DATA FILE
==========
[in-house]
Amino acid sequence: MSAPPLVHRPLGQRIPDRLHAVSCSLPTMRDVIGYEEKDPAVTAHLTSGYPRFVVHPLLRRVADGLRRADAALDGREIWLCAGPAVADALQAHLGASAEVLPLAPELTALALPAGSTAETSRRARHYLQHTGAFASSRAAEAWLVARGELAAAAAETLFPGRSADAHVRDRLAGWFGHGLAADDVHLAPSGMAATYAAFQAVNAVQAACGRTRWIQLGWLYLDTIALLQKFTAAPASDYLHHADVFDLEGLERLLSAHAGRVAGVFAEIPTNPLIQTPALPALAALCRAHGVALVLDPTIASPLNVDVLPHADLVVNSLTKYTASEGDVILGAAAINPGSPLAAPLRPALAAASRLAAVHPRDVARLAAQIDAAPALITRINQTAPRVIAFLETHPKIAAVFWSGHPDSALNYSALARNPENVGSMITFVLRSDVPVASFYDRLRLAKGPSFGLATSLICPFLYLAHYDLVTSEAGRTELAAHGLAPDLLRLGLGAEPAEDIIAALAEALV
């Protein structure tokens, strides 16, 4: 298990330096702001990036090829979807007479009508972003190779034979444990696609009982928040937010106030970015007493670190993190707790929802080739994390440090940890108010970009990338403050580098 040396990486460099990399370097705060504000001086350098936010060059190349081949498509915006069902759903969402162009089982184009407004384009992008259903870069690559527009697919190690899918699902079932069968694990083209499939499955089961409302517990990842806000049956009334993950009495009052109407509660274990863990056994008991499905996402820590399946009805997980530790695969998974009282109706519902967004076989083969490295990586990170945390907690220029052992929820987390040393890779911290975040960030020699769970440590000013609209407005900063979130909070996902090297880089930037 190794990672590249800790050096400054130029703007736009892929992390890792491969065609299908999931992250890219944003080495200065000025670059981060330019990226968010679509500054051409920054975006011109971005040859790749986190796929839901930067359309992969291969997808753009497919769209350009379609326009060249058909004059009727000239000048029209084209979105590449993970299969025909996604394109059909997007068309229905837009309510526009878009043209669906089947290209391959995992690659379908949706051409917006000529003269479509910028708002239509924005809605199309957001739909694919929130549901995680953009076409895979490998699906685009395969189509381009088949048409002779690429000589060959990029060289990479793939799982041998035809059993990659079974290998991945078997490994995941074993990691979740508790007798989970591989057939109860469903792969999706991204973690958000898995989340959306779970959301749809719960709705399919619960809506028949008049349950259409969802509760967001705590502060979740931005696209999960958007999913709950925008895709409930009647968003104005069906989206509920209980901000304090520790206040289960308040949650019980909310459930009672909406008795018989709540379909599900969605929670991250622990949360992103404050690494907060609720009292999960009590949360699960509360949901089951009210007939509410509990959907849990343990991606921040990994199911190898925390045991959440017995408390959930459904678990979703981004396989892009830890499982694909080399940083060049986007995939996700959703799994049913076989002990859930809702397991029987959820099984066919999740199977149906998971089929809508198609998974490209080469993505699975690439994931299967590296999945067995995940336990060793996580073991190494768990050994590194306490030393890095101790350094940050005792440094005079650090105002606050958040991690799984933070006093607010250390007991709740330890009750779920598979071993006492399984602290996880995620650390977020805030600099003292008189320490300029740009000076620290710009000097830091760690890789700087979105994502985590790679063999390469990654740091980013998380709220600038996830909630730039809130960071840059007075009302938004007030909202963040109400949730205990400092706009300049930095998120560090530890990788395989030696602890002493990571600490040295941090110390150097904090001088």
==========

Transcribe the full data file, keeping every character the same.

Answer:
[in-house]
Amino acid sequence: MSAPPLVHRPLGQRIPDRLHAVSCSLPTMRDVIGYEEKDPAVTAHLTSGYPRFVVHPLLRRVADGLRRADAALDGREIWLCAGPAVADALQAHLGASAEVLPLAPELTALALPAGSTAETSRRARHYLQHTGAFASSRAAEAWLVARGELAAAAAETLFPGRSADAHVRDRLAGWFGHGLAADDVHLAPSGMAATYAAFQAVNAVQAACGRTRWIQLGWLYLDTIALLQKFTAAPASDYLHHADVFDLEGLERLLSAHAGRVAGVFAEIPTNPLIQTPALPALAALCRAHGVALVLDPTIASPLNVDVLPHADLVVNSLTKYTASEGDVILGAAAINPGSPLAAPLRPALAAASRLAAVHPRDVARLAAQIDAAPALITRINQTAPRVIAFLETHPKIAAVFWSGHPDSALNYSALARNPENVGSMITFVLRSDVPVASFYDRLRLAKGPSFGLATSLICPFLYLAHYDLVTSEAGRTELAAHGLAPDLLRLGLGAEPAEDIIAALAEALV
């Protein structure tokens, strides 16, 4: 298990330096702001990036090829979807007479009508972003190779034979444990696609009982928040937010106030970015007493670190993190707790929802080739994390440090940890108010970009990338403050580098 040396990486460099990399370097705060504000001086350098936010060059190349081949498509915006069902759903969402162009089982184009407004384009992008259903870069690559527009697919190690899918699902079932069968694990083209499939499955089961409302517990990842806000049956009334993950009495009052109407509660274990863990056994008991499905996402820590399946009805997980530790695969998974009282109706519902967004076989083969490295990586990170945390907690220029052992929820987390040393890779911290975040960030020699769970440590000013609209407005900063979130909070996902090297880089930037 190794990672590249800790050096400054130029703007736009892929992390890792491969065609299908999931992250890219944003080495200065000025670059981060330019990226968010679509500054051409920054975006011109971005040859790749986190796929839901930067359309992969291969997808753009497919769209350009379609326009060249058909004059009727000239000048029209084209979105590449993970299969025909996604394109059909997007068309229905837009309510526009878009043209669906089947290209391959995992690659379908949706051409917006000529003269479509910028708002239509924005809605199309957001739909694919929130549901995680953009076409895979490998699906685009395969189509381009088949048409002779690429000589060959990029060289990479793939799982041998035809059993990659079974290998991945078997490994995941074993990691979740508790007798989970591989057939109860469903792969999706991204973690958000898995989340959306779970959301749809719960709705399919619960809506028949008049349950259409969802509760967001705590502060979740931005696209999960958007999913709950925008895709409930009647968003104005069906989206509920209980901000304090520790206040289960308040949650019980909310459930009672909406008795018989709540379909599900969605929670991250622990949360992103404050690494907060609720009292999960009590949360699960509360949901089951009210007939509410509990959907849990343990991606921040990994199911190898925390045991959440017995408390959930459904678990979703981004396989892009830890499982694909080399940083060049986007995939996700959703799994049913076989002990859930809702397991029987959820099984066919999740199977149906998971089929809508198609998974490209080469993505699975690439994931299967590296999945067995995940336990060793996580073991190494768990050994590194306490030393890095101790350094940050005792440094005079650090105002606050958040991690799984933070006093607010250390007991709740330890009750779920598979071993006492399984602290996880995620650390977020805030600099003292008189320490300029740009000076620290710009000097830091760690890789700087979105994502985590790679063999390469990654740091980013998380709220600038996830909630730039809130960071840059007075009302938004007030909202963040109400949730205990400092706009300049930095998120560090530890990788395989030696602890002493990571600490040295941090110390150097904090001088």